I’ve done my time as a bank teller, so I know you aren’t keeping track of your finances. Yes, I know that. You blithely scribble checks and never enter them in the register, then you are stunned when the bank charges you overdraft fees. You don’t have a savings account because there’s nothing left over after you pay the bills, and you don’t pay attention to the people who advise you to ‘pay yourself first.’
Yes, I know about you. And so do Regina Leeds and Russell Wild. That’s why they’ve written this absolutely marvelous book called One Year to an Organized Financial Life. “The goal of …[this book]... is to bring clarity, simplicity, and order to your finances.” Please pay attention to these good people.
One Year to an Organized Financial Life is not full of high-minded but largely impractical information about how to choose stocks or invest in mineral rights to secure your golden years. Leeds is known as the Zen Organizer; she understands that clutter around your house or in your car or your purse leads to chaos in every aspect of life, so her role is to help you wrangle all that distracting mess. Wild is a financial advisor who recognizes that wealth grows from small actions, such as avoiding late fees, and he offers you tons of good tips. Together they’ve developed a deceptively simple (and extremely easy) method for whipping your whole life into shape.
Their book is broken down into weeks, with particular assignments that can certainly be completed in that time. Week Two builds upon Week One, and so on. For example, during the first week of your transformation, they ask you to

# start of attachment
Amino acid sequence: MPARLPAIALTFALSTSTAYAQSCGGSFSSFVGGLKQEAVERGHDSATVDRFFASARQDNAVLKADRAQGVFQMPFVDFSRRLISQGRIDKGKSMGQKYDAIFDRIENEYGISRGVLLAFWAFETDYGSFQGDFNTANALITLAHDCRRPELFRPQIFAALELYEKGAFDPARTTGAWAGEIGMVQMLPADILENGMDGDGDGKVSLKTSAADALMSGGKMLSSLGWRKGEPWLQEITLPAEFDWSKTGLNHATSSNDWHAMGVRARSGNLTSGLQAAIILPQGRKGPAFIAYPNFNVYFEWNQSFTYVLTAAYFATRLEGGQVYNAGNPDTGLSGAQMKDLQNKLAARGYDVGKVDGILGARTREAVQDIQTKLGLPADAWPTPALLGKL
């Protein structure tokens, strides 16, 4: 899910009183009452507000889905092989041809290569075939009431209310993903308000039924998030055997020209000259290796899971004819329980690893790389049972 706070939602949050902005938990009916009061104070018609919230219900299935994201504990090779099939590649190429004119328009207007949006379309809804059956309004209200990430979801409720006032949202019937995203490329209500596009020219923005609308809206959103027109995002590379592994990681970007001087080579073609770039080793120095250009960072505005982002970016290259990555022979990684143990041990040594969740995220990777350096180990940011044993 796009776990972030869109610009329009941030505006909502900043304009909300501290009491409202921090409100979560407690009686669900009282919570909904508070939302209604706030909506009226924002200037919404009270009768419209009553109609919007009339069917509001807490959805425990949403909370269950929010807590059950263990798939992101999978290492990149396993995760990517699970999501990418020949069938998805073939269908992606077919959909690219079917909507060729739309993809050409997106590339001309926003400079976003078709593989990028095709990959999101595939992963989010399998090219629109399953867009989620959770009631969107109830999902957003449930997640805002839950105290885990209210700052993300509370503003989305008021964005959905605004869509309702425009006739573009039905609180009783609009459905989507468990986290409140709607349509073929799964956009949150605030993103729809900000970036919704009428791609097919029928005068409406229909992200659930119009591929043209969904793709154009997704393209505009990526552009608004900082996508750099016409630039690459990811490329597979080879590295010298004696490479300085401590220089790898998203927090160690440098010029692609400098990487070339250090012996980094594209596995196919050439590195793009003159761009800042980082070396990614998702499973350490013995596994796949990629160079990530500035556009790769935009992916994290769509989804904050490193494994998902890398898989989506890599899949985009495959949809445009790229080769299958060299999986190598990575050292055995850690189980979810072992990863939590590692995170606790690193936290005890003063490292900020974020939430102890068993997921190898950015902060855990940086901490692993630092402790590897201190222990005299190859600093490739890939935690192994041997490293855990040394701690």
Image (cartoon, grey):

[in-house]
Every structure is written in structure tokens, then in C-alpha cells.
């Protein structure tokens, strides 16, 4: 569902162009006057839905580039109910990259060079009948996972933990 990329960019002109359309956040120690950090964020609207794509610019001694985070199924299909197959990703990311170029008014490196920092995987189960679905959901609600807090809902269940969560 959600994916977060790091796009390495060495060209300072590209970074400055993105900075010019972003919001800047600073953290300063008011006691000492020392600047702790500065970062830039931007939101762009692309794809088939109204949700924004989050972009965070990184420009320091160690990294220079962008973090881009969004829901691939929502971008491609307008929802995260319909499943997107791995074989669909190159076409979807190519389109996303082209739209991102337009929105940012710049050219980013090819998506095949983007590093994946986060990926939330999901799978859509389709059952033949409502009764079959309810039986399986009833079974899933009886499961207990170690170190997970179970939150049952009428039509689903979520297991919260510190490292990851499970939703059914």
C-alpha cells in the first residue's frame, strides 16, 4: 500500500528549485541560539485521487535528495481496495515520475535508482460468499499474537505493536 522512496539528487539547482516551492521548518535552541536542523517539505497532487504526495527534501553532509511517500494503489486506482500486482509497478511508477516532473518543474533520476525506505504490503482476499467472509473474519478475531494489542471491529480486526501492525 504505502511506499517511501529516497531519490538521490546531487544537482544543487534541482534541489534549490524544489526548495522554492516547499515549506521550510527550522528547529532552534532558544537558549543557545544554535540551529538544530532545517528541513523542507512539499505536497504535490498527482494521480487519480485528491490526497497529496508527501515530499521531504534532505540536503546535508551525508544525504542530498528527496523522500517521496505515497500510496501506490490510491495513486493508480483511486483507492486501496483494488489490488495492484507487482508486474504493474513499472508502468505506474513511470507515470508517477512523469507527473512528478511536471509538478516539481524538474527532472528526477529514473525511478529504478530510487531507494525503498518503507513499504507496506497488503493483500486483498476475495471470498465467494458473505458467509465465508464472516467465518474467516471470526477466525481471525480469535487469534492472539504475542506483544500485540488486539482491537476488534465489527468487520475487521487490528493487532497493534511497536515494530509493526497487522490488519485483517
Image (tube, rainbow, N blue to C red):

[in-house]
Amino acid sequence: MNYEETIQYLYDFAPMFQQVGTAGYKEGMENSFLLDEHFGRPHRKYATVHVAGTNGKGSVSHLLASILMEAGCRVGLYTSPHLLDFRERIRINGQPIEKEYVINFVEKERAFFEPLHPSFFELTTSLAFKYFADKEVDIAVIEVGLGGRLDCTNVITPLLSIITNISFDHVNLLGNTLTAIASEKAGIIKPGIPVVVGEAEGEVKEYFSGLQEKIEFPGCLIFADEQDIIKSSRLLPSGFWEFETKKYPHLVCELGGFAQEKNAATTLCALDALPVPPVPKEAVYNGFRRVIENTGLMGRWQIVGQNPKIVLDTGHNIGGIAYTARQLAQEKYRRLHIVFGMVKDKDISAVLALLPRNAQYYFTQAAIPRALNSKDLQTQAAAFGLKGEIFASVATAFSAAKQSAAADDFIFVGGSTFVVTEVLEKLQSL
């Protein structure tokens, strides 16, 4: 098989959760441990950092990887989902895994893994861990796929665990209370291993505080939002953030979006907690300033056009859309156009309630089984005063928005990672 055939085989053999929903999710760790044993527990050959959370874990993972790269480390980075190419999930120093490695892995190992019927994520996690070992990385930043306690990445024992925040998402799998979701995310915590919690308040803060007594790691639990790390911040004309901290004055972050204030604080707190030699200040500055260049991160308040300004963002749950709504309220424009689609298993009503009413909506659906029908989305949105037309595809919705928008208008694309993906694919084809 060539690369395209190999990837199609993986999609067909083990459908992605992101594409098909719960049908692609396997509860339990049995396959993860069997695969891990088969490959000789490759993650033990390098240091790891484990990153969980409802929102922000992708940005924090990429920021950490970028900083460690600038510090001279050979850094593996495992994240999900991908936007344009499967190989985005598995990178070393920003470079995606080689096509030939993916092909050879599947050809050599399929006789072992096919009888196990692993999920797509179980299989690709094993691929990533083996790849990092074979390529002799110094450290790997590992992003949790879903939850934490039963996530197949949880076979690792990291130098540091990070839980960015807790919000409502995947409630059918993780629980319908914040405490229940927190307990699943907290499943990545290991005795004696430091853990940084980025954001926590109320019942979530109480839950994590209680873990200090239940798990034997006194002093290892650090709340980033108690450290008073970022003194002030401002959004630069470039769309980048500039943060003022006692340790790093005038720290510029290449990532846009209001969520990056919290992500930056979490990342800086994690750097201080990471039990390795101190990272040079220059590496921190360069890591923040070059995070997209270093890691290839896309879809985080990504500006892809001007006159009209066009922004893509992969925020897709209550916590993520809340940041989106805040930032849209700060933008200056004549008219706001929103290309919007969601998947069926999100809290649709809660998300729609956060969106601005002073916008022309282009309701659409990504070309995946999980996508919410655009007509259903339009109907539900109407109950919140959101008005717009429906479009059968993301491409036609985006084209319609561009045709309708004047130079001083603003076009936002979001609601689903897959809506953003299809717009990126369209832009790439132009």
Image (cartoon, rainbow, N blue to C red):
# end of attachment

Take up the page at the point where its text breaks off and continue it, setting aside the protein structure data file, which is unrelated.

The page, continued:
And then they talk you through each step.
- Set financial goals
- Examine the past for clues to your current economic situation
- Move beyond the past to a successful financial future
The book begins with January, but there’s no reason on Earth you can’t start this program in August or November. Using the Habit of the Month, and the Tool of the Month, you’ll gradually acclimate to an entirely new way of approaching the whole money thing, and in the process you’ll find that the rest of your life is getting easier, too. By the end of the year (and there’s no reason to rush this – take your time, but for goodness’ sake, do it!) you’ll be able to follow the conversations on Fast Money, fully comprehend the importance of reading your monthly bank statement, and sleep better every night because you are in charge.
There are lots of small items that contribute to overall financial well-being, and the authors cover just about all of them. If you pay attention and do exactly they tell you, you’ll learn how to
One Year to an Organized Financial Life is the book that banks don’t really want you to read. Why? Because banks are in business to make money; those interest fees and overdraft fees that you pay are like little gifts falling from heaven as far as banks are concerned. Invest in this guide, follow the advice of Leeds and Wild, and put your money to work for you. Trust me – you’ll learn to love balancing your checkbook.
- assess your money situation
- escape from the credit card prison
- plan and use a budget that works for you
- prepare for the kids’ college and for your own retirement
- pay the bills and pay them on time